(Bloomberg) — Saudi Arabia surprised the oil market with a large reduction in its output for February and March, carrying a greater burden of OPEC+ cuts while other producers hold steady or make small increases.
The kingdom will make an extra cut of 1 million barrels a day, said Saudi Energy Minister Prince Abdulaziz bin Salman. That more than offsets the combined 75,000 barrel-a-day increase Russia and Kazakhstan will be allowed to make in each of those months. The rest of the group will hold output steady.
â€œWe do that with the purpose of supporting our economy, the economies of our colleagues in OPEC+ countries, to support the industry,â€ Prince Abdulaziz told reporters after the groupâ€™s video conference on Tuesday.
The Saudi pledge makes for a tighter market than traders had been anticipating and sent crude surging to a 10-month high. It shows how worried the kingdom is about the impact of Europeâ€™s resurgent coronavirus pandemic on oil demand, but also its determination to avoid a new price war with Russia.
Both countries get at least part of what they wanted — the additional price support desired by Riyadh and the production boost Moscow had been pushing. Still, the contortions that were necessary to secure a consensus after two days of talks show the fragility of the alliance between the Organization of Petroleum Exporting Countries and other major producers.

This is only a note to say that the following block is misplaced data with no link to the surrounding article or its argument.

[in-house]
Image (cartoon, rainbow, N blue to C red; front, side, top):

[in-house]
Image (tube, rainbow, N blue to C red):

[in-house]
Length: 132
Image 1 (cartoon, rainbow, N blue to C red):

The de-facto leaders of the group have different priorities, with Saudi Arabia preferring to sacrifice volume in exchange for higher prices, while Russia wants to boost production before rival suppliers can fill the gap.
Russian Deputy Prime Minister Alexander Novak welcomed Saudi Arabiaâ€™s move, telling reporters that â€œitâ€™s a great New Year present for the whole oil industry.â€ Itâ€™s an especially sweet gift for U.S. shale drillers, said RBC analyst Helima Croft.
The agreement means the global market will get far less supply than traders had been expecting prior to this week. The OPEC+ meeting opened on Monday with a proposal from Russia for a 500,000 barrel a day output hike next month, which was opposed by most other members. The alliance had been scheduled to discuss similar-sized increases in March and April, but that plan has been superseded by the latest accord.
Oil prices surged, with West Texas Intermediate crude jumping as much as 5.4% to $50.17 a barrel in New York, the highest since Feb. 26.
(Updates with comment from Saudi energy minister in third paragraph.)
For more articles like this, please visit us at bloomberg.com
Â©2021 Bloomberg L.P.